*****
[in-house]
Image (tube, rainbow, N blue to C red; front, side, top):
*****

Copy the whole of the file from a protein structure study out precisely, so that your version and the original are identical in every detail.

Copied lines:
[in-house]
Image (tube, rainbow, N blue to C red; front, side, top):